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When Luchita Hurtado was eight years old, she tasted a green seedless grape for the first time. “That’s still a very strong memory, because it was a revelation of what was available in the world,” she recounted in an interview in 2018. “This was magic.”
There are moments in the life of an artist that are said to anchor their work. Seeing the first photographs of Earth captured from space in 1947 strengthened Hurtado’s sense of perspective, deepened her interest in the cosmos, and grounded her connection to the terrestrial. Born in Venezuela, she lived in New York, Mexico City, and Los Angeles; she mixed paint colors with Rufino Tamayo and made friends with Isamu Noguchi. Her life spanned nearly a century — she passed away last month at the age of 99. Yet it is the seemingly smaller encounters, like the epiphany of the seedless grape, that encapsulate the essence of Hurtado’s artistic project: to locate in the most commonplace experiences of the natural world a profound and alluring mystique.
Luchita Hurtado. Together Forever at Hauser & Wirth in New York City brings together more than 30 paintings and drawings in which Hurtado excels brilliantly at this endeavor. Dating from the 1960s to the present and grouped mostly chronologically in a single, ample gallery, these works — displayed to the public for the very first time — reveal progressively sensual and abstract representations of the body, presumably the artist’s own.
The earliest self-portraits in the show, such as “Untitled” (c. 1960s), depict a visibly recognizable Hurtado in a flower-printed blouse, her bold nose, eyebrows, and mouth sharply rendered. A decade later, Hurtado created studies of her shadow, works set in an indistinct time and place where all identifiable features have been effaced. Instead, the artist’s dark silhouette is the subject, rendered with charcoal so soft and grainless it could pass for watercolor. In a small ink on paper work from the same period — the only purely text-based piece in the exhibition — she has written, in curly cursive script: “The only reasonable facsimile of me is in my shadow.”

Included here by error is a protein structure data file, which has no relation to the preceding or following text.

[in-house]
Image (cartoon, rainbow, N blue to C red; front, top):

In an untitled mixed media work from the 1990s, both of these versions of the self overlap. The familiar face of the artist and her discernible outline are superimposed; the effect is spectral and smoke-like.
To claim that Hurtado shifted from figuration to abstraction would be to erase the specificity of her formal evolution. It would be more exact to say that she achieved an increasingly deeper integration of the body and nature. In the ink and acrylic painting “Untitled” (2019), for instance, a figure stands with its limbs outstretched, mirroring the branches of the two tress behind it; the three elements are nearly identical.
The back wall of the gallery is taken up by one of Hurtado’s most iconic series, foreshortened views of her body as it might look while staring down at herself, which she begun to explore in the mid-1960s. These uncanny compositions transform into landscapes before our eyes: bellies become sloped mounds or dunes; alpine thighs triangulate into mountains. All but one of the works in this selection, created in the last three years, reference birth in their titles. Small round heads peek from between the legs like suns about to disappear into the horizon.
The works on view in Together Forever are not those that arguably launched Hurtado into the mainstream (all too late at the age of 98, when she was simultaneously included in the Hammer Museum’s Made in L.A. biennial and Matthew Marks and Greene Naftali’s decennial painting show.) Those decadent gold- and earth-toned canvases, featuring glimpses of sky, glossy fruit, and Navajo-inspired patterning, are notably absent from the current presentation, which makes ample room instead for works that demand we look much harder.
Luchita Hurtado. Together Forever continues through October 31 at Hauser & Wirth (548 West 22nd Street, New York, NY).